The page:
Senior officers are considering using Section 44 of the Terrorism Act 2000 at every Underground and railway station nationwide.
Privacy campaigners criticised the proposal yesterday. The powers would enable police to stop and search members of the public without any suspicion that they were involved in terrorism.
The Times understands that this would be the first time that the powers would have been used across such a wide area. Police said that Section 44, which must be granted by the Home Secretary for a designated area, would be used only in the event of an escalated terror threat. Officers are being trained to use behavioural profiling to spot suspicious characters during stop- and-search operations.
Privacy experts said that the plan could heighten tensions between the public and police. Simon Davies, the director of Privacy International, said: “The history of stop and search in this country is abhorrent. I wouldn’t trust the police to make the right judgment.
“It is well known that stop-and- search powers have created extraordinary tensions among a range of ethnic groups,” he said. “There’s no doubt that extension of the use of those powers would exacerbate those tensions.”
Last month the use of the terror law was criticised by the European Court of Human Rights. It found that Section 44 violated individual freedoms guaranteeing the right to private life.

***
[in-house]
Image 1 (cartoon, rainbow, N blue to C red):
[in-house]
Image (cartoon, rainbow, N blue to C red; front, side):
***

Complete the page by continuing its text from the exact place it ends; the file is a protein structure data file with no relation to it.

The court said that the power to search an individual’s clothing and belongings in public involved an element of humiliation that was a clear interference with the right to privacy. Judges also attacked the arbitrary nature of the power as well as the way in which its use was authorised.
Despite this, Alan Johnson, the Home Secretary, said that police would continue to use Section 44. The Home Office is appealing against the European Court ruling.
The Metropolitan Police agreed last year to limit its use of the powers after critics claimed that it was discriminating against minority groups. However, Assistant Chief Constable Steve Thomas, of the British Transport Police, told The Times that the powers would be considered for 2012.
Mr Thomas, the Olympic National Transport Security Co-ordinator for the Home Office, said: “If there is a severe level of threat we will be looking to use Section 44 at every Underground and railway station. We are planning on the assumption that there will be a severe threat to the UK during the Games, on the basis that we can then scale down rather than quickly scale up.” He said that if Section 44 was put in place across the country it would not mean that every station would be flooded with officers, but individual stations would be targeted as part of an operation.
Hat Tip: RBN